Monday, August 14, 2006

On Friday, I lobbed out the challenge for someone to name the one college football program to produce potentially three starting quarterbacks in the NFL this year. I was shocked that no one who emailed me did so with the correct answer.

The correct answer? The Fresno State Bulldogs (David Carr -- Houston Texans; Billy Volek -- Tennessee Titans; Trent Dilfer -- San Francisco 49'ers). Granted, including Dilfer is probably a stretch, but still, I find it amazing that a non-BCS school has produced so many top-flight quarterbacks worthy of starting in the NFL.


Following the after-evening-worship fellowship at Taco Bell last night and the addition of the Woodward Park members I had not thus far eaten with, I have now shared a table with 160 different people. The blessing of meeting, eating and sharing with so many different people in such a short time-span (11 days) has been a true blessing in my life.


Last night during his sermon, Paul Partlow raised an interesting question in relation to the ministry of Jesus. While talking about Jesus's interaction with a leprous man in Matthew 8, Paul asked, "Would Jesus avoid his kind or advance His kingdom?"

That is a powerfully convicting question and one that should give us pause today as we embark on living as Jesus in the world.

In each of our lives, we are periodically, if not daily, encountered by people who have been marginalized by society. People who, because of disease, poverty, dysfunction, etc. have been mistreated or worse yet, ignored.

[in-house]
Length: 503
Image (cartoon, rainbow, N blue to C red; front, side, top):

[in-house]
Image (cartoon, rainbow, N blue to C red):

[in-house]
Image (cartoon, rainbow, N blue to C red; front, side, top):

Will we engage them or shun them?

In Luke 10.25-37, Jesus tells the famously powerful story of the Good Samaritan. But before the Good Samaritan is held out as the hero for advacing the reign of God through mercy and compassion, a priest and Levite are held out as examples to avoid. The priest and Levite pass by the man who'd been beaten and left in a ditch to die. For reasons Scripture doesn't record, they elect to avoid the man, leaving him to wallow in his misery.

When faced with the choice of advancing the kingdom or avoiding his kind, they chose avoidance.

What choice will I make today? What choice will you make?

In Jesus, we see an example of One who never took the path of least resistance but One who, even in the face of societal pressure, intentionally chose the path that would advance His kingdom, even if the person whom Jesus engaged was a person who'd been marginalized by all others.

Today, should you meet a "leper," I encourage you to follow the Way of Jesus: the Way of seeking first the kingdom by engaging people so as to advance the kingdom of God in this world.